Let’s Clear the Air: Stop Peeing in the Pool at Major Meets

by Carly Geehr 29

May 09th, 2015 Lifestyle, News

Anyone who’s ever swum in an indoor pool will tell you that the air isn’t exactly refreshing. That isn’t news. But the irritant nature of the air in an indoor facility, believe it or not, is at least partially the result of the swimmers themselves. With complaints pouring in about air quality at Winter Junior Nationals, and with my somewhat unfortunate – and apparently fascinating – “expertise” in the less glamorous side of competitive swimming, I felt I owed the swimming community a PSA of sorts.

Let’s back up for a minute. Before we dive in (heh) it’s important to know how most pools are disinfected. Chlorine is the most common substance used to kill unwelcome microorganisms that might otherwise take up residence in a pool. All kinds of interesting things happen to said chlorine once it’s been added to the fray, but for our purposes now (and to keep me from going into full-blown chemistry nerd mode) all we need to know is that this chlorine’s by-products do some interesting things. This can include acting as anti-bacterial agents, causing swimmers’ skin to itch and eyes to sting, or fading brightly colored swimsuits after a week of two-a-days, among others (which we’ll get to).

So what’s in a pool, anyway? We’ve got the water, of course. And the microorganisms that the chlorine is there to kill. We’ve also got… organic matter. Swimmers sweat, a lot, for example. It’s just less obvious when it’s constantly washed away. Swimmers also, uh, relieve themselves.

Enter chloramines. Chloramines are nasty substances that are toxic to humans, and they’re formed when the chlorine’s by-products react with organic matter (like bacteria) or, say, the ammonia present in urine. (Ew, I know.) More pee in the pool means more chloramines, which means worse air and water quality, particularly when the pool is in a poorly-ventilated indoor facility.

What do we make of all of this? Well, maybe we think twice next time before we decide not to get out of the water and run to the restrooms – particularly if the air’s already bad. I can’t imagine a full moratorium on peeing in the pool would ever materialize, but it’s worth a shot, right?

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Thanks for this. Some chloramines are carcinogens, too, so save yourself a future tumor too. They should go back to those chemicals they used in the 70’s that turned red or purple when someone peed. I think the problem starts with the coaches who don’t let kids out to pee. I had a coach who was a hard-ass coach in every other way, but he did let us get out for that, as long as we didn’t abuse the privilege.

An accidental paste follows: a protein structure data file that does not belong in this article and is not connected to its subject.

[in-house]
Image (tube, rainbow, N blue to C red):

There never has been any chemical added to pools that turns colors in the presence of urine.


Lol. Many parents and some age-group coaches would prefer you let this urban myth stay alive…

Wasn’t there a poll somewhere that showed that most Olympic-caliber swimmers copped to peeing in the pool “all the time”?


I think it is wrong to use peeing in the pool as a cover-up for the fact that the Greensboro Aquatic Center has unbelievably horrible air quality. how much could peeing in a pool affect the air? not nearly as much as the fact that their ventilation systems are maybe that of a hotel pool. USA Swimming shouldn’t get a cover-up story on this, they need to learn form it and not host such a big, expensive meet at a place that has a history of poor air quality.

batbleep crazy

I am disinclined to acquiesce to your request.

About Carly Geehr

Carly burst onto the swimming scene in 1997 when she qualified for the Pan Pacific championships at the ripe old age of 12. She later earned a silver medal at the 1999 Pan American Games in the 800 free relay and competed on the World Cup circuit. A few shoulder and …

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